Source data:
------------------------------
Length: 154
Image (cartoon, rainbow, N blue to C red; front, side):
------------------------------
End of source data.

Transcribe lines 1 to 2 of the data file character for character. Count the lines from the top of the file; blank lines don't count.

Length: 154
Image (cartoon, rainbow, N blue to C red; front, side):